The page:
Going Nuts Over Recalls
Here we go again.
There it was, the lead story on all the news Web sites. Government warns: Don't eat pistachios; they might be contaminated with salmonella.
Only recently did I muster the courage to dip back into my jar of peanut butter, and now, there may be more bacteria lurking in my pantry.
As of late afternoon on March 31, the company at the center of the recall said it believed contaminated raw pistachios may have been mixed with roasted pistachios during processing. The company and the FDA continue to investigate.
I try hard to be a good mom and make sure my family eats healthy. I'm blessed with a daughter who actually likes eating fruits and vegetables. Unfortunately, in recent years, there have been numerous items we've had to pull from our household menu.
There was the spinach contaminated with E. coli. Last summer, we had to ban tomatoes, a terrible hardship as it is my daughter's favorite food bar none, and the recall happened before our garden tomato plants had even flowered. Then peanut butter related items became off limits. Where does it end? I can't help but look at the items in my grocery cart and pray that I'm not poisoning my loved ones.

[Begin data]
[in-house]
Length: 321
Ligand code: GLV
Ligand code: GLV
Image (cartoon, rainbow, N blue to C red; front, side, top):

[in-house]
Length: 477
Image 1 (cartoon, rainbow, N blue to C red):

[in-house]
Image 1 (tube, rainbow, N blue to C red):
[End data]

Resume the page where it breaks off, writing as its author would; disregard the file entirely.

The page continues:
A check of the FDA's recall Web site makes my head swim. And while President Obama vowed in a recent weekly address to get tough on food safety, some of the statistics he pointed out don't make me feel any better.
According to a transcript of that address, in recent years, the underfunded and understaffed FDA has had the resources to inspect just 7,000 of the country's 150,000 food processing plants and warehouses each year. That means roughly 95 percent of them go uninspected.
In the same address, the president announced the appointment of Margaret Hamburg, a former New York City health commissioner, as commissioner of the FDA. He also announced the creation of a Food Safety Working Group.
President Obama ended his address by saying he takes food safety seriously not just as our president but also as a parent. Well this parent hopes the administration gets down to work on ensuring the safety of our food supply quickly and earnestly.